Dearest Father -
Your lovely letter came Monday, and I certainly was glad to get it. It is always so hard for me to write Wednesday that I am going to change my day until Thursday, which ought not to make any difference at the other end.
Mrs. [Danah?] wrote me most cordially, so I am going Saturday. I shall get to West Point in time for
Mother’s letter this morning brought a great many clothes plans which it is a comfort to have crystallizing. I have not seen the hats of which Mother speaks, but I like the idea, and should much prefer that she get me one. And I know I shall like the suit. The blue dress
I have dreamt about being home so much this week that it almost seems as though I really have been. The study-hours have been shortened to nine, so that is all right.
We had first esthetic dancing Monday night, and I believe it is all that it should be. It is a strictly beginning class, and no one does well, which is comforting. There are almost two hundred girls taking it, so I hope they will make another division.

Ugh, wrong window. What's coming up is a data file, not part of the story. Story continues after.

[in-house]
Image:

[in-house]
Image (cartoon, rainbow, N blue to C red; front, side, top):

We have not had a bit of sun-shine since Sunday morning -- but it has stopped raining. The gray days seem welcome even if they are wet because it is warmer.
Doss, since her return from the infirmary has not been able to stand the thought of college chicken
I am getting a “cut” this morning from French. We have a lecture tomorrow instead. French is getting better. My prose papers are above the average papers, and I am not so poor in conversation.
Your speaking of robins shows the difference in latitude. We have not had
a sign of a Spring bird -- nothing but pussy-willows.
I was just that far when I looked at the clock. It is five minutes of twelve, with the Treasury closing at noon? I just got there and drew my last five dollars.
Twenty of us have planned the most delightful thing for two weeks from Tomorrow -- a progressive dinner, after chapel. We are all in Lathrop. Four girls together are serving the main course, with two for each of ten others. Doss and I have the salad.
The plans for next year’s table are pretty well settled. We are to be with Dorothy Southard, Katharine Scribner, Ruth Kinsey, Maria Rivermore, Ruth Washburn, and some girls who are now off-campus. Mother will remember the names.
This must go in the noon mail.
With the greatest love in the world,